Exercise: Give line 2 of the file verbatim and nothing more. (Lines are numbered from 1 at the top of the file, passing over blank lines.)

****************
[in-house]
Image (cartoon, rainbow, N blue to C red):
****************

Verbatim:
Image (cartoon, rainbow, N blue to C red):